How to Get Back to Siri’s Web Results Quickly

Ask Siri to search the Web and you’ll get five results back from Google (not Bing anymore!). Tap one and it opens in Safari. But what if that page doesn’t contain the information you want? How do you get back to Siri’s results? The easy way is to tap the little Siri button that appears in the top-left of the screen. Or activate Siri again, but instead of speaking, swipe down on the screen until “What can I help you with?” disappears and your recent Siri queries appear with your last search results in view.

The Best Apple-Related Gifts for 2017

It’s that time of year again, when many of us start wracking our brains for gift ideas for our loved ones—or for our own wish lists. If your special someone is an Apple user, we have a few suggestions.

Chargers, Cables, and Adapters, Oh My!

We know that giving someone a cable feels a bit like buying them socks, but Apple’s minimalist design and focus on USB-C and Lightning ports means that many users would appreciate extra cables or adapters. You’ll want to ask them what they find most annoying about their current cable situation—they might want an extra Lightning to headphone adapter, a USB-C to USB-A cable for connecting some peripheral, or an HDMI cable to run a big-screen TV.

Plus, giving someone a second iPhone, Mac, or Apple Watch charger could reduce battery anxiety or make it less likely that they’d forget to pack one while traveling.

AirPods

Apple’s most surprising hit of 2017 was the AirPods, svelte wireless earbuds that pair quickly and seamlessly to all Apple devices logged in to the same iCloud account. They’re light, stay in the ear well, and are comfortable even for many people who couldn’t wear the wired EarPods. At $159, they’re not cheap, but they’re still less expensive than many competing wireless earbuds.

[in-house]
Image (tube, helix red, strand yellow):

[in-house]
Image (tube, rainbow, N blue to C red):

The only catch? Apple has had trouble making AirPods fast enough, so don’t assume you can buy a pair as a last-minute gift.

Apple Watch

Apple always intended the Apple Watch as an iPhone accessory, so it makes a great add-on for any iPhone user who doesn’t already have their iPhone in hand most of the day. For most people, the $249 Apple Watch Series 1 is a fine gift, although the $329 Series 3 is faster and brighter, and doesn’t need the iPhone to track a run or bike ride via GPS.

Consider the $399 Series 3 with cellular access only if you’re certain the recipient will make use of the watch while out and about without the iPhone, since its data plan costs $10 extra per month.

And, if someone on your gift list already has an Apple Watch, a new band might make a great present—Apple offers a wide variety of attractive and comfortable bands.

Apple TV

Although it’s a few years old, the $149 fourth-generation Apple TV still makes a good present for anyone who watches TV shows and movies from Netflix, iTunes, Hulu, and other Internet streaming video services.

For most people, the $179 Apple TV 4K is overkill, since its support for 4K video and HDR color require a compatible 4K HDR TV purchased in the last year or so.

So stick with the previous Apple TV, and if you’re looking for a related stocking stuffer, search for silicone cases that protect the brittle Siri Remote and make it easier to orient in the dark.

iPad

Last, but far from least, if someone in your family has never tried an iPad or is limping along with one of the early models, the current fifth-generation iPad combines good performance and a gorgeous screen with a compellingly low price starting at $329.

At $399, the smaller iPad mini 4 doesn’t provide as much bang for the buck, but it could be the perfect present for a child.

Particularly when buying an iPad for a kid, a durable case is a must—perhaps suggest that as a gift idea to another family member.

Stop Paying Too Much for a Family’s iCloud Drive Storage